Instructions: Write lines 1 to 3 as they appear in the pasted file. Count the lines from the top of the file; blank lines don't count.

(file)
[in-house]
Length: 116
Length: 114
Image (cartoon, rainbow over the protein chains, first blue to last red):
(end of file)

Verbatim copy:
[in-house]
Length: 116
Length: 114